We left Achriesgill in Loch Inchard at 08:30 on 19 August and managed to sail for a couple of hours in very light winds around 10 knots before it dropped away altogether for six long hours. We wanted to cover the 45 miles to Stornoway in daylight requiring about ten hours at a modest and comfortable cruising speed and had to motor to maintain progress until being able to sail again for another two hours in the late afternoon.
I can do no better than reproduce here the next few paragraphs from my original journal –
The passage was enjoyable as one of those balmy Scottish days when the sea is calm, the sky blue and the mainland mountains wreathed in haze. My feeling of physical well-being was mixed with moments of deep sadness as I remembered happy family holidays in the region, but these too were dispelled by our closest sighting yet of a dolphin about six feet long that came within ten feet of the boat. It made several passes in the classic style but then swam off to be seen no more.
We enjoyed fresh food for most of this year’s voyage and this kept in Alchemi’s fridge just as well as it would have done at home. A pattern of shopping once a week for meat and veg with a milk and bread run every two or three days seemed to serve us well. No doubt we could have lasted longer without these excursions if we had adopted a more disciplined regime but we found it pleasant to spend a day or two in port to see the towns visited and vary the pace of our cruising.
The Outer Hebrides is the name given to the whole string of islands farthest west from the Scottish mainland and lying about 180 miles from north to south above and below 57.8 degrees of latitude. The largest of these is a single island called Lewis and Harris and Stornoway is the largest town on Lewis which is the northern part comprising about two thirds the area of the whole. The southern third is more mountainous and difficult to access. No one seems to know for sure where the names originated but some suppose they came from rival branches of the clan McLeod who claimed sovereignty over both when challenged by outsiders. Here is a more detailed map of this section of Alchemi’s travels –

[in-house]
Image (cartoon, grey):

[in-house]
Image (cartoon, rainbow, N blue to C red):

The Outer Hebrides and Northern Skye © OpenStreetMap contributors.
Stornaway was interesting but we found it a rather dour and utilitarian sort of town – good shops though. Like Stromness before and Portree after it suffered from a dirty harbour so different from the beautifully clean Scandinavian coastal towns and harbours. Scotland’s natural beauty matches or exceeds the Swedish and Norwegian land and seascapes but her inhabitants don’t look after their physical surroundings nearly so well.
The anchorage at Lemerway is situated in a bay fringed with rocks on the north shore, protected from the sea by a twisting approach and from west winds blowing down the loch by a small hill at the edge of the bay. We lay there peacefully all night and, skirting one of the ubiquitous fish farms, made our way out to sea again on Saturday morning bound for the small island of Scalpay at the south of Harris.
We had a fine view of the unpopulated Shiant islands as we tacked to and fro against a headwind when passing down the sound of the same name. Our timing was fortunate as we were not badly affected by the last of the flood tide and passed through the narrowest part of the sound without getting thrown around too much by the rough seas that sometimes develop there when the ebb flow gets going.
The tide was stronger as we went up the Sound of Scalpay, beneath the bridge linking it to Harris that was still under construction at the time. Alchemi’s engine was sufficiently powerful to drive us forward against the flow and many swirling eddies created by its speed over underwater obstructions. The North Harbour was crowded with fishing boats but we found anchorage out of the Fairway and set off in the dinghy to enjoy a walk around the island. At least, Norman and I did. Michael who is not a great walker settled for a short stroll and a ‘phone call back home.
There is a surprising amount of new housing on Scalpay with roads to match. Substantial taxpayer’s money is clearly being spent here to sustain the local population (2021 note – or were there also rich incomers with holiday homes?) Some were clearly from long established families because we were delighted to hear unaccompanied but melodious plainsong as we strolled past the church.
My memories of Scalpay though are overwhelmingly ones of the calm waters and conditions of our anchorage. Here are digital copies of the four film print photos that I hope will show you why, despite digitising and resizing the scanned versions having degraded their quality.
Sunday was a beautiful day with a force 3 breeze, calm sea, light and fluffy cumulus clouds and bright sunshine. To this was added the brightest and largest rainbow imaginable as we looked back towards Scalpay and the mountains of Harris behind.
As the day wore on the wind became slightly less favourable and again we needed to tack to enter Loch Dunvegan on Skye.
Having done so we enjoyed a beautiful and peaceful sail down the loch to its head where we picked up a visitors’ buoy laid by the Highlands and Islands Enterprise Board.
To be continued …………….
© Ancient Mariner 2021